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Effects of essential oil treatment, gas atmosphere, and storage temperature on Listeria monocytogenes in a model vegetable system.
J Food Prot. 2009 Jun; 72(6):1209-15.JF

Abstract

Natural antimicrobials such as plant essential oils (EOs) may be useful for controlling pathogenic bacteria on fresh-cut vegetables. The antilisterial properties of EOs (thyme, oregano, and rosemary), in combination with different storage atmospheres (air, 5% CO2-2% O2-93% N2, and 20% CO2-1% O2-79% N2) and temperatures (4 and 80C), were examined using a gas flow-through system combined with a vegetable agar model. The antimicrobial effects of the EOs varied depending on the oil, the Listeria strain and species, the method of application, and the storage conditions tested. Using the disk diffusion assay, the antilisterial effectiveness of the oils was in the following order: thyme EO > oregano EO > rosemary EO. Volatiles released from the EOs resulted in very small antilisterial effects, indicating that the oils needed to be in direct contact with cultures in order to be effective. There were strain and species effects, with L. innocua NCTC 11288 exhibiting the strongest resistance to EOs, and L. monocytogenes NCTC 7973 being the most sensitive strain. In addition, the effectiveness of the EOs was influenced by storage atmosphere and temperature. Use of EOs in combination with a gas atmosphere of 20% CO2-1% O2-79% N2 had the greatest antilisterial effect, suggesting that high CO2 atmospheres enhanced the antilisterial properties of EOs. Lowering the storage temperature from 8 to 4OC improved the antilisterial activity of thyme oil. It is concluded that thyme and oregano EOs display strong inhibitory effects against Listeria and that increasing CO2 levels and lowering storage temperatures further enhance these antilisterial effects.

Authors+Show Affiliations

Food Science Research Centre, Department of Life Sciences, University of Limerick, Limerick, Ireland.No affiliation info availableNo affiliation info available

Pub Type(s)

Journal Article
Research Support, Non-U.S. Gov't

Language

eng

PubMed ID

19610331

Citation

Scollard, Johann, et al. "Effects of Essential Oil Treatment, Gas Atmosphere, and Storage Temperature On Listeria Monocytogenes in a Model Vegetable System." Journal of Food Protection, vol. 72, no. 6, 2009, pp. 1209-15.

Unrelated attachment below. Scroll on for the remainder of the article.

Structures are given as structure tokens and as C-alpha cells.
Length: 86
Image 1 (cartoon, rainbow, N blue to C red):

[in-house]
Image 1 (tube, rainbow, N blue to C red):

Scollard J, Francis GA, O'Beirne D. Effects of essential oil treatment, gas atmosphere, and storage temperature on Listeria monocytogenes in a model vegetable system. J Food Prot. 2009;72(6):1209-15.
Scollard, J., Francis, G. A., & O'Beirne, D. (2009). Effects of essential oil treatment, gas atmosphere, and storage temperature on Listeria monocytogenes in a model vegetable system. Journal of Food Protection, 72(6), 1209-15.
Scollard J, Francis GA, O'Beirne D. Effects of Essential Oil Treatment, Gas Atmosphere, and Storage Temperature On Listeria Monocytogenes in a Model Vegetable System. J Food Prot. 2009;72(6):1209-15. PubMed PMID: 19610331.
* Article titles in AMA citation format should be in sentence-case
TY - JOUR T1 - Effects of essential oil treatment, gas atmosphere, and storage temperature on Listeria monocytogenes in a model vegetable system. AU - Scollard,Johann, AU - Francis,Gillian A, AU - O'Beirne,David, PY - 2009/7/21/entrez PY - 2009/7/21/pubmed PY - 2009/9/2/medline SP - 1209 EP - 15 JF - Journal of food protection JO - J Food Prot VL - 72 IS - 6 N2 - Natural antimicrobials such as plant essential oils (EOs) may be useful for controlling pathogenic bacteria on fresh-cut vegetables. The antilisterial properties of EOs (thyme, oregano, and rosemary), in combination with different storage atmospheres (air, 5% CO2-2% O2-93% N2, and 20% CO2-1% O2-79% N2) and temperatures (4 and 80C), were examined using a gas flow-through system combined with a vegetable agar model. The antimicrobial effects of the EOs varied depending on the oil, the Listeria strain and species, the method of application, and the storage conditions tested. Using the disk diffusion assay, the antilisterial effectiveness of the oils was in the following order: thyme EO > oregano EO > rosemary EO. Volatiles released from the EOs resulted in very small antilisterial effects, indicating that the oils needed to be in direct contact with cultures in order to be effective. There were strain and species effects, with L. innocua NCTC 11288 exhibiting the strongest resistance to EOs, and L. monocytogenes NCTC 7973 being the most sensitive strain. In addition, the effectiveness of the EOs was influenced by storage atmosphere and temperature. Use of EOs in combination with a gas atmosphere of 20% CO2-1% O2-79% N2 had the greatest antilisterial effect, suggesting that high CO2 atmospheres enhanced the antilisterial properties of EOs. Lowering the storage temperature from 8 to 4OC improved the antilisterial activity of thyme oil. It is concluded that thyme and oregano EOs display strong inhibitory effects against Listeria and that increasing CO2 levels and lowering storage temperatures further enhance these antilisterial effects. SN - 0362-028X UR - https://www.unboundmedicine.com/medline/citation/19610331/Effects_of_essential_oil_treatment_gas_atmosphere_and_storage_temperature_on_Listeria_monocytogenes_in_a_model_vegetable_system_ L2 - https://meridian.allenpress.com/jfp/article-lookup/doi/10.4315/0362-028x-72.6.1209 DB - PRIME DP - Unbound Medicine ER -